In 1971, researchers began tracking the children of the original enrollees as well as their spouses, and Arcaya and fellow researchers from the University of California at San Francisco School of Medicine, the Federal Reserve Bank of Boston and Yale University based their own research on that cohort, again drawing from the results of clinical exams. They found that each foreclosure within 100 meters of a person’s home corresponded with an increase in systolic blood pressure by 1.71 millimeters of mercury. As a point of reference, each year of age is associated with a rise of 0.65 millimeters of mercury, so the effect of a foreclosure is on par with three additional years of aging, Arcaya said.

The authors said they used the 100-meter measure because it is the standard length of a block and encompasses about two properties on either side of a house. Various real estate studies also show that that’s the range in which a foreclosure can affect neighboring home prices, Arcaya said.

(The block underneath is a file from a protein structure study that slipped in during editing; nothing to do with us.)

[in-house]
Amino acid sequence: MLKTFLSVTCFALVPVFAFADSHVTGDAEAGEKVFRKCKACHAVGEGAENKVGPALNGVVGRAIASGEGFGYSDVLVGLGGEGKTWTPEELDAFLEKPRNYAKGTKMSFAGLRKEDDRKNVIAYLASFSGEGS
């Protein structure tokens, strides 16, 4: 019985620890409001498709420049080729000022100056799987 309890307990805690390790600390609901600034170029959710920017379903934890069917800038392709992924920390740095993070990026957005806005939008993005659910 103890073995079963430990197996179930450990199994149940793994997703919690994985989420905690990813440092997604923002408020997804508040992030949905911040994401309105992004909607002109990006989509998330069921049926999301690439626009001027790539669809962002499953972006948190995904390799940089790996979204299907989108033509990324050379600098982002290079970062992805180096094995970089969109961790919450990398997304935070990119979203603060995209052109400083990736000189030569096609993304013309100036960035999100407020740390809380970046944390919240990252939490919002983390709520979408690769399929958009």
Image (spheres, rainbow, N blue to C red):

The study controlled for age, income, education, race, sex and other factors, including whether the participants were taking blood-pressure medications. It also considered alcohol consumption and weight and found that both increase when there are foreclosures nearby. But those two factors alone do not explain the blood pressure phenomenon.

And not all foreclosures are equal.

Homes that lapse into foreclosures but are quickly purchased do not appear to lead to a rise in blood pressure, whereas homes that are seized by banks and stand vacant do, the study said.

Arcaya warned against extrapolating the results to other areas.

“We don’t know how the results would translate to a different setting,” she said. “We’re not sure what the effects would be in very different housing environments.”

 

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“I think the bank was ideological”, in an interview with The Guardian last month the President of the World Bank surprised everyone by acknowledging that his institution had for years promoted user fees on the basis of an ideology.